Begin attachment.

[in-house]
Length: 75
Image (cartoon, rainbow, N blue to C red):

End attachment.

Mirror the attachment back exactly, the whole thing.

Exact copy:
[in-house]
Length: 75
Image (cartoon, rainbow, N blue to C red):